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Near-record deficit feared

The Congressional Budget Office projects $407 billion in red ink this year, with a record debt likely in 2009.

September 10, 2008|From the Associated Press

WASHINGTON — The federal government will run a near-record deficit of $407 billion this year, according to the latest Capitol Hill estimates.

The Congressional Budget Office released figures Tuesday that indicated the red ink will spill over into next year, when the deficit could reach a record $438 billion -- and might go even higher as the government takes over mortgage giants Fannie Mae and Freddie Mac.

The worsening deficit is largely due to continuing weakness in the economy, high energy and food prices, and the slump in the housing and financial markets, the report said. And the economy could still slide into a recession.

"The economy is likely to experience at least several more months of very slow growth," the report said. "Whether this period will ultimately be designated a recession or not is still uncertain, but the increase in the unemployment rate and the pace of economic growth are similar to conditions during previous periods of mild recession."

The budget office predicts that the economy will grow 1.5% this year in real terms and slip to just 1.1% growth in 2009.

The nonpartisan agency, which makes economic and budget estimates for Congress, also sees unemployment averaging 6.2% next year.

The budget office's figures for this fiscal year, which ends Sept. 30, are slightly worse than the White House predictions released in July. The White House foresees a $389-billion deficit for 2008, growing to $482 billion in 2009.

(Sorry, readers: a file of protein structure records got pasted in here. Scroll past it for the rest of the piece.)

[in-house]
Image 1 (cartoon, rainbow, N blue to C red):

If Congress alters the alternative minimum tax to exempt middle-class families, next year's deficit could rise another $60 billion or so.

And Democratic efforts to pass a second economic stimulus bill to follow the tax rebate checks sent out this year would add another $50 billion or so to next year's deficit.

The White House and congressional Republicans are resisting the move and instead want Congress to pass other pieces of legislation, such as free-trade agreements with Panama, Colombia and South Korea, to help the economy.

The new $400-billion-plus deficit numbers represent about 3% of the economy, which is the deficit measure seen as most relevant by economists. That's considerably smaller than the deficits of the 1980s and early 1990s, when Congress and earlier administrations cobbled together politically painful deficit-reduction packages.

In dollar terms, the record is the $413-billion deficit recorded in 2004.

Still, the new dollar figures are so eye-popping that they could restrain the appetite of the next president, who takes office Jan. 20, from adding expensive spending programs or new tax cuts.

Pressure may build to allow some tax cuts enacted in 2001 and 2003 to expire as scheduled at the end of 2010.

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